Diversity in Shanghai
CIEE wants all our students to feel welcomed, supported, and empowered to succeed while studying abroad. On this page, local CIEE staff have provided details about conditions and cultural attitudes that students with specific identities might encounter at their location.
The information below is just a broad overview so if you have specific questions or concerns not covered here, please email email@example.com. We would be glad to have local staff share their perspectives, talk with you about accommodations, connect you with resources, and/or put you in touch with a program alum who could speak about their experiences navigating a program in this location.
No matter where you choose to study abroad with CIEE, our staff—all of whom receive regular and comprehensive training in diversity, equity, and inclusion—will be on hand throughout your program to provide advice, resources, and support regarding these issues.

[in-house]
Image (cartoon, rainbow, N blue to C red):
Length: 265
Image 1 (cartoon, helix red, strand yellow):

Weight and body image are popular topics among the younger Chinese. Though being slim still fits the preference of the majority, working out in the gym to build up muscles is gaining popularity. You may find young Chinese friends, especially females, frequently saying that they are “fat” even though they look slim. They seldom judge others’ body sizes and instead criticize their own. However, elderly Chinese may comment on your body size in a very direct or even impolite way because they believe it is either a truth or a compliment. Please do not take these comments to heart as “you’ve gained weight” and other related sayings can sometimes mean simple greetings like “it’s good to see you again!”
In Chinese society, disabilities are generally taken care of and respected. However, not all facilities in Shanghai are easy to access for those with disabilities, such as elevators and escalators at certain subway stations and buildings. City buses and cabs usually do not accommodate movement-related disabilities.